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Lipid Coated Microbubbles and Low Intensity Pulsed Ultrasound Enhance Chondrogenesis of Human Mesenchymal Stem Cells in 3D Printed Scaffolds

Aliabouzar, Mitra, Lijie Grace Zhang, and Kausik Sarkar. "Lipid Coated Microbubbles and Low Intensity Pulsed Ultrasound Enhance Chondrogenesis of Human Mesenchymal Stem Cells in 3D Printed Scaffolds." Scientific Reports 6 (2016): 37728.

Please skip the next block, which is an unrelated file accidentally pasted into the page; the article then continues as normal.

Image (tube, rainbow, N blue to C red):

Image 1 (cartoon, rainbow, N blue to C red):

Lipid-coated microbubbles are used to enhance ultrasound imaging and drug delivery. Here we apply these microbubbles along with low intensity pulsed ultrasound (LIPUS) for the first time to enhance proliferation and chondrogenic differentiation of human mesenchymal stem cells (hMSCs) in a 3D printed poly-(ethylene glycol)-diacrylate (PEG-DA) hydrogel scaffold. The hMSC proliferation increased up to 40% after 5 days of culture in the presence of 0.5% (v/v) microbubbles and LIPUS in contrast to 18% with LIPUS alone. We systematically varied the acoustic excitation parameters—excitation intensity, frequency and duty cycle—to find 30 mW/cm2, 1.5 MHz and 20% duty cycle to be optimal for hMSC proliferation. A 3-week chondrogenic differentiation results demonstrated that combining LIPUS with microbubbles enhanced glycosaminoglycan (GAG) production by 17% (5% with LIPUS alone), and type II collagen production by 78% (44% by LIPUS alone). Therefore, integrating LIPUS and microbubbles appears to be a promising strategy for enhanced hMSC growth and chondrogenic differentiation, which are critical components for cartilage regeneration. The results offer possibilities of novel applications of microbubbles, already clinically approved for contrast enhanced ultrasound imaging, in tissue engineering.

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